Each one of the three key steps that I found most entrepreneurs miss when launching a startup is related to getting the customer or potential user involved at every stage of the business including what is known as the idea stage.
Startups fail because most entrepreneurs feel they have a solution in mind they’re looking to solve a problem with. Instead of building a solution for the customer, they look for customers to use their solution. The consequence of this inverse startup launch approach is deadly no matter the business model. In fact, according to CB Insights, half of the top reasons for startup failure are related to buyers whether it’s lack of market need, ignoring customers or building the wrong product.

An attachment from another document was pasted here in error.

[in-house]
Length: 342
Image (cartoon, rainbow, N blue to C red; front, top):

Each one of the three key steps below that I found most entrepreneurs miss when launching a startup is related to getting the customer or potential user involved at every stage of the business including what is known as the idea stage. See if you’re missing any of those key steps.
1. Solving A Problem Before Building A Scalable Product
When entrepreneurs have an idea, it’s usually about a product that can potentially solve a problem. We’ve all enjoyed brainstorming the Uber for X, Facebook for Y and Craigslist for Z. This is the first mistake founders make as it pushes them into thinking where their product might fit instead of focusing on customers’ biggest challenges and the potential solutions that might address those needs.